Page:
Semiconductor stocks surged on Tuesday - along with the broader markets - as a key Apple (NASDAQ:AAPL) manufacturing partner said it is "cautiously optimistic" on the fourth-quarter and memory chip maker Micron (NASDAQ:MU) said it would spend up to $100B on a new facility in upstate New York.
Apple (AAPL) supplier Foxconn (OTCPK:HNHPF) said it was "cautiously optimistic" about the all important period after it reported record September sales. Total revenue during the month rose 40.4% year-over-year and 82.3% month-over-month to $25.9B due to “new product launch and smooth mass production.”
However, Foxconn (OTCPK:HNHPF) added that "the dynamics of inflation, the pandemic, and the supply chain still need to be closely monitored."
Apple (AAPL) shares gained nearly 2% in mid-day trading.
A number of Apple (AAPL) suppliers, notably, STMicroelectronics (NYSE:STM) and Infineon (OTCQX:IFNNY), saw sharp gains on back of a report that the European Union will force consumer electronics makers to standardize USB-C charging for devices as soon as 2024.
Micron Technology (MU) gained more than 5% to $54.48 after it said it would spend up to $100B on a massive new chipmaking facility in upstate New York, another sign that new federal investments are spurring domestic investment in the semiconductor industry.
Micron (MU) said its new project in Clay, New York will involve 20 years of investments and construction in the chipmaking complex.
The investment by the Boise, Idaho-based Micron (MU) comes less than two months after President Joe Biden signed the CHIPS and Science Act of 2022, which provides $52B in federal grants and subsidies for chip companies to build more domestic factories and facilities.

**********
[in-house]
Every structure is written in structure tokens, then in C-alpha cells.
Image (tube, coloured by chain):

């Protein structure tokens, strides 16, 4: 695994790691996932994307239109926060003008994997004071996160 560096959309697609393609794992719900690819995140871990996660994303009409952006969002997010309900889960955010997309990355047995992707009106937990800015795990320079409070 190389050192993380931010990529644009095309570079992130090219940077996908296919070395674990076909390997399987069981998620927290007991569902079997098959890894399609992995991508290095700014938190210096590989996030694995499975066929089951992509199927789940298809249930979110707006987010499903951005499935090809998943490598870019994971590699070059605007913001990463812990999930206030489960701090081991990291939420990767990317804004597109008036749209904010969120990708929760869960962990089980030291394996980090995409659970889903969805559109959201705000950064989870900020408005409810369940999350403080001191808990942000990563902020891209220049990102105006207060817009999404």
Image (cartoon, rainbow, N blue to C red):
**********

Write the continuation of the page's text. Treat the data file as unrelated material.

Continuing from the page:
Micron (MU) Chief Executive Sanjay Mehrotra said the CHIPS Act was directly responsible for his company's New York factory plans.
Separately on Tuesday, Samsung (OTCPK:SSNLF) said it would triple the amount of advanced chips it produces in the next five years as the South Korean electronics giant looks to meet strong demand unmoved by the weakening global economy.
The electronics giant, which produces chips for a number of clients, including Nvidia (NVDA), Qualcomm (QCOM) and Tesla (TSLA), among others, said it hoped to have mass production of 2 nm chips by 2025 and 1.4 nm chips by 2027.
Other semiconductor stocks also saw strong gains on Tuesday, including Texas Instruments (TXN), Analog Devices (ADI), NXP Semiconductors (NXPI) and ON Semiconductor (ON), all of which gained 4% or more.
Last week, Micron (MU) offered up a disappointing quarterly forecast and said it would cut its capital spending plans next year.